Tuesday, August 23, 2011

More fixed earth

There is more information about the geocentric theory here. This suggests a problem. The original motivation for the geocentric theory was its apparent simplicity, given that the heliocentric theory requires an extra assumption – a tilted earth – to explain the seasons. But it turns out the geocentric theory also needs an extra assumption to explain the seasons, and the apparent motion of the sun that corresponds to this.

A good way to imagine this is to look at a potters wheel as it turns . . . it turns once every 24 hours . . . at the center is the Earth . . . place your finger in the clay, you make a circle, this is the sun . . . now slowly move your finger out 3% of the radius of your first circle . . . now move your finger inward 3% . . . that is the motion of the sun albeit the sun would also move in a spiral helix up and down while it is moving out and in by 3% of the radius . . . there are two motions here, one is up then down the other is in then out again. So there is the spiral up and down motion to account for the seasons but the size of the spiral is constantly changing to account for changes in the distance over the course of a year.
Yes but why does the sun move that way? The assumption of a tilted earth plus gravity seems a simpler explanation and thus (pace Dr Connolley) should be preferred. Obviously the underlying rationale for neo-geocentricism (‘neo-geo’) is the Bible and God, but that raises another question: is God fair? It seems unfair to create a universe whose nature seems almost designed to be misunderstood, once observed carefully. Observations by Galileo and other astronomers, phenomena like Foucault’s pendulum, and many other observable phenomena, suggest a reality that is quite different from the literal truth of the Bible. Geological observations suggest the Earth is much older than 6,000 years. Why did God create the Earth in a way that seems almost designed to mislead? Why did God create dinosaur bones, without mentioned dinosaurs in the Bible? Was that fair of God?

It could be replied that, correctly understood (where correct understanding means theories like ‘neo-geo’), these phenomena do not contradict the literal truth of the Bible. But then, clearly, many millions or billions of people, including all eminent scientists since Galileo’s time, have not correctly understood the evidence. Was it fair of God to create a world whose true nature misled so many brilliant people?

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5 Comments:

Blogger Bill Wallace said...

I think you should check out the rest of that web site you linked to. It is seriously wacko.

6:32 am  
Blogger Edward Ockham said...

>>It is seriously wacko.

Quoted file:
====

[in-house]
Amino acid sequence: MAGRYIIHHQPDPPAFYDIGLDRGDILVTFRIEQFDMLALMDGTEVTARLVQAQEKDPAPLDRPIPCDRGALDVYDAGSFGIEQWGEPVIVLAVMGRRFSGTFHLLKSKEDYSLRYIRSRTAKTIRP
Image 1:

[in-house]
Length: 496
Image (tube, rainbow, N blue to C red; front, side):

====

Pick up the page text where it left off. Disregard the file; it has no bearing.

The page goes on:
I prefer 'logically challenged'. This blog is primarily concerned with logic and scientific method. So we are interested in the question of where the logic of such websites falls down, rather than other idiosyncracies.

7:13 am  
Blogger Belette said...

I don't think logic gets you anywhere here. This is a matter of physics / astronomy / cosmology.

People used to think that you could do cosmology by logic - I think if you look you'll find stuff pretending to demonstrate from first principles that space of Euclidean. That all rather fell apart when General Relativity showed that it wasn't. But while there is a lot of logic in GR it does depend fundamentally on observations: constancy of speed of light, and the equivalence principle. You cannot deduce it from first principles.

That is the first problem. The second is that all the geocentric debate is constantly phrased in terms of what is "really" happening. Does the earth "really" rotate around the sun, or vice versa. Again, people used to think this meant something.

Nowadays (as I understand it) the situation is (again, GR) that you can take whatever you like as your coordinate system. Some systems will give you simpler equations for certain problems, some for others.

For example, if you wish to discuss the movement of a boat on a river, you might take the earth to be fixed, or maybe the river. You'd be mad to take the system with the sun fixed. If you want to look at planetary orbits, you'd be mad to take to coord system with the center of the galaxy fixed.

If you want to discuss planetary orbits, you can if you choose take the earth to be fixed. But this makes all the planetary orbits very complex, and the equations governing them end up with weird forces in them. If you transform to a coord system with the sun fixed (or more accurately the barycenter fixed) then your equations dramatically simplify. People loosely talk of that as meaning that the sun fixed is "true".

The massive difference, now, over say Copernican days is that the observations and calculating ability we have are so much better than before. It is no longer possible to believe in epicycles, because observations demonstrate clearly that they don't work, except in the trivial sense that any path can be fit by enough epicycles to an arbitrary degree of precision.